The Environmental Protection Agency reached an agreement with several environmental groups on a lawsuit challenging Clean Water Act permitting regulations for concentrated animal feeding operations - litigation the National Pork Producers Council is part of. NPPC still has deep frustration over EPA's continued efforts in developing these costly ag regulations that provide few environmental benefits. The settlement deal includes EPA issuing guidance for what constitutes proposal to discharge by a CAFO; issuing regulations requiring all CAFOs to submit information included in a Clean Water Act CAFO permit; and making information CAFOs are required to submit available to the public.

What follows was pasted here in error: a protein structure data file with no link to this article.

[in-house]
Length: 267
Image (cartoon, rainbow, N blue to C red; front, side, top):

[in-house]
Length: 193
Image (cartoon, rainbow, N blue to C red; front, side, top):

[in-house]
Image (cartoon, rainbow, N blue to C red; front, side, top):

NPPC's Chief Environmental Counsel Michael Formica says EPA yanked the rug out from under America's livestock farmers with the settlement. The CAFO Rule sets a zero-discharge standard and imposes penalties of $37,500 a day on operations that have discharges. Large livestock operations can operate without a federal permit if they don't have discharges.
Randy Spronk, head of NPPC's Environmental Committee, says the agreement sets the stage for new Clean Water Act permitting measures that will add to producer costs, drive more farmers out of business and increase concentration in livestock production to hurt rural economies, while not doing anything to improve water quality.
According to Spronk the settlement was negotiated without consultation or input from the regulated farming community. He states the administration should be enacting measures that create jobs in this economy, not implementing regulations that put American farmers out of business.